The Committee for Medicinal Products for Human Use (CHMP) of the European Medicines Agency (EMA) has confirmed its previously adopted positive opinion, recommending approval of enfortumab vedotin (Padcev™; Astellas Pharma and Seagen) as monotherapy for the treatment of adult patients with locally advanced or metastatic urothelial cancer who have previously received platinum-containing chemotherapy and a PD-1/L1 inhibitor.

The CHMP initially adopted a positive opinion of enfortumab vedotin on December 16, 2021, providing its recommendation to the European Commission (EC) for a final decision. During the European Commission’s decision-making process, further safety information was brought to the attention of the CHMP. Following a request from the EC and taking into account the latest information, the CHMP re-adopted its positive opinion.[1] If approved by the European Commission, enfortumab vedotin will be the first antibody-drug conjugate authorized in the European Union for people living with advanced urothelial cancer.

The positive opinion from the CHMP will now be reviewed by the European Commission which decisions are valid in the European Union Member States, as well as Iceland, Norway, and Liechtenstein.[2]

Urothelial Cancer
Urothelial cancer is the most common type of bladder cancer (90 percent of cases) and can also be found in the renal pelvis (where urine collects inside the kidney), ureter (the tube that connects the kidneys to the bladder), and urethra.[3]

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The major cause of urothelial cancer is cigarette smoking. Scientists have demonstrated that there is a strong correlation between the duration and amount of cigarette smoking and cancers at all levels of the urothelial tract. This association holds for both transitional cell and squamous cell carcinomas.[3]

Globally, approximately 573,000 new cases of bladder cancer and 212,000 deaths are reported annually.[4]

Treatment option
Enfortumab vedotin is an antibody-drug conjugate (ADC) that is directed against Nectin-4, a protein located on the surface of cells and highly expressed in bladder cancer.[5] Nectin-4 belongs to the nectin family that has diverse physiological and pathological functions in humans.

Nonclinical data suggest the anticancer activity of enfortumab vedotin is due to its binding to Nectin-4 expressing cells followed by the internalization and release of the anti-tumor agent monomethyl auristatin E (MMAE) into the cell, which result in the cell not reproducing (cell cycle arrest) and in programmed cell death (apoptosis).[5]

In clinical trials, enfortumab vedotin has shown significantly prolonged survival as compared with standard chemotherapy in patients with locally advanced or metastatic urothelial carcinoma who had previously received platinum-based treatment and a PD-1 or PD-L1 inhibitor.[6]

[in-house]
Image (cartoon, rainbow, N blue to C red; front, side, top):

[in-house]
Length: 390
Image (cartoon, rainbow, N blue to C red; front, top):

The global EV-301 trial, an open-label, phase 3 trial of enfortumab vedotin for the treatment of patients with locally advanced or metastatic urothelial carcinoma who had previously received platinum-containing chemotherapy and had had disease progression during or after treatment with a PD-1 or PD-L1 inhibitor.  The results of this trial, with prespecified interim analysis at the median follow-up, was 11.1 months showed that overall survival was longer in the enfortumab vedotin group than in the chemotherapy group (median overall survival, 12.88 vs. 8.97 months; hazard ratio for death, 0.70; 95% confidence interval [CI], 0.56 to 0.89; P=0.001). The results of the trial also showed that progression-free survival was also longer in the enfortumab vedotin group than in the chemotherapy group (median progression-free survival, 5.55 vs. 3.71 months; hazard ratio for progression or death, 0.62; 95% CI, 0.51 to 0.75; P<0.001).[6]

Clinical Trials
A Study to Evaluate Enfortumab Vedotin Versus (vs) Chemotherapy in Subjects With Previously Treated Locally Advanced or Metastatic Urothelial Cancer (EV-301) NCT03474107.

Highlights of prescribing information
Enfortumab vedotin (Padcev™; Astellas Pharma and Seagen)(Prescribing Information)

References
[1] European Medicines Agency. Meeting highlights from the Committee for Medicinal Products for Human Use (CHMP) February 2022. Online. Last accessed on February 25, 2022.
[2] European Medicines Agency. Authorization of medicines. Online. Last accessed on February 25, 2022.
[3] American Society of Clinical Oncology. Bladder cancer: introduction (9-20). Online. Last accessed February 25, 2022.
[4] Cancer Today. Bladder Cancer Factsheet 2020. Online. Last accessed on February 25, 2022.
[5] Challita-Eid PM, Satpayev D, Yang P, An Z, Morrison K, Shostak Y, Raitano A, Nadell R, Liu W, Lortie DR, Capo L, Verlinsky A, Leavitt M, Malik F, Aviña H, Guevara CI, Dinh N, Karki S, Anand BS, Pereira DS, Joseph IB, Doñate F, Morrison K, Stover DR. Enfortumab Vedotin Antibody-Drug Conjugate Targeting Nectin-4 Is a Highly Potent Therapeutic Agent in Multiple Preclinical Cancer Models. Cancer Res. 2016 May 15;76(10):3003-13. doi: 10.1158/0008-5472.CAN-15-1313. Epub 2016 Mar 24. PMID: 27013195.
[6]Powles T, Rosenberg JE, Sonpavde GP, Loriot Y, Durán I, Lee JL, Matsubara N, Vulsteke C, Castellano D, Wu C, Campbell M, Matsangou M, Petrylak DP. Enfortumab Vedotin in Previously Treated Advanced Urothelial Carcinoma. N Engl J Med. 2021 Mar 25;384(12):1125-1135. doi: 10.1056/NEJMoa2035807. Epub 2021 Feb 12. PMID: 33577729; PMCID: PMC8450892.

Featured image: Exterior view of the European Medicines Agency, EMA, in Amsterdam’s business district, Netherlands.  Photo courtesy: © 2021 – 2022 European Medicines Agency. Used with permission.

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